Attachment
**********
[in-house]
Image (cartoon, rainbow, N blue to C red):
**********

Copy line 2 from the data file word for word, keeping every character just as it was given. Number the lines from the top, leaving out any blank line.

Image (cartoon, rainbow, N blue to C red):